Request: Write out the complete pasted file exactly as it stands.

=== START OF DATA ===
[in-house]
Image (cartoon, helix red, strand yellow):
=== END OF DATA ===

[in-house]
Image (cartoon, helix red, strand yellow):